Tsvangirai rues lack of reforms ahead of Zimbabwe vote

Zimbabwe's Prime Minister Morgan Tsvangirai: "It doesn't matter who wins"

Reforms needed to ensure free and fair presidential and parliamentary polls in Zimbabwe later this month have not been introduced, says PM Morgan Tsvangirai.

He also pledged to create more jobs as he launched his campaign at a rally in Marondera, ahead of the 31 July vote.

He is standing for president against his main rival and coalition partner, Robert Mugabe.

On Friday Mr Mugabe said it was a "do or die struggle", but urged supporters to refrain from violence.

The 89-year-old president predicted a 90% victory for his Zanu-PF party.

There have been concerns about violence and intimidation ahead of the vote.

Jobs, healthcare, economy

Mr Tsvangirai was approaching these elections "with a heavy heart", since the necessary reforms had not been introduced, he told the crowd.

Robert Mugabe (on left) and Morgan Tsvangirai in Harare on 22 May 2013 Arch-rivals Mugabe (l) and Tsvangirai will face off again in the presidential vote

"There are no reforms in the media, and other reforms to ensure free and fair elections have not been achieved," he told supporters at the rally east of Harare.

The leader of the Movement for Democratic Change (MDC) pledged to create jobs and boost industries such as manufacturing and mining that have seen businesses closed in recent times.

He also promised to introduce free health care within the first 100 days of his presidency and to scrap maternity healthcare fees for women.

And the 61-year-old said he would only bring back the Zimbabwean dollar if there was economic stability.

He pulled out of the second round of the 2008 presidential election, accusing the security forces and pro-Mugabe militias of attacking his supporters around the country.

He had won the most votes in the first round but, according to official results, not enough to win outright.

After Mr Mugabe went ahead with the run-off, winning with 85% of votes cast, regional mediators intervened to organise the power-sharing agreement.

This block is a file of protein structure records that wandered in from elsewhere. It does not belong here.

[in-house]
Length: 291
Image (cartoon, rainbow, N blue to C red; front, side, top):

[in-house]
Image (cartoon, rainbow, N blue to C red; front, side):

The election will mark the end of that coalition government, which has stabilised the country's economy.

On Thursday, the Constitutional Court rejected an appeal by both parties to delay elections set for 31 July for a couple of weeks.

Critics says key security, media and electoral reforms demanded by regional mediators, the Southern African Development Community (Sadc), have yet to be implemented.

The MDC also warned last month that the voters' roll was in a "shambles" and the vote could be rigged.

More on This Story

The BBC is not responsible for the content of external Internet sites

More Africa stories

RSS

Features & Analysis

Elsewhere on the BBC

  • ITChild's play

    It's never been easier for small businesses to get their message out to the world

Programmes

  • An aerial shot shows the Olympic Stadium, which is closed for repair works on its roof, in Rio de Janeiro March 28, 2014.Extra Time Watch

    Will Rio be ready in time to host the Olympics in 2016? The IOC president gives his verdict

BBC © 2014 The BBC is not responsible for the content of external sites. Read more.

This page is best viewed in an up-to-date web browser with style sheets (CSS) enabled. While you will be able to view the content of this page in your current browser, you will not be able to get the full visual experience. Please consider upgrading your browser software or enabling style sheets (CSS) if you are able to do so.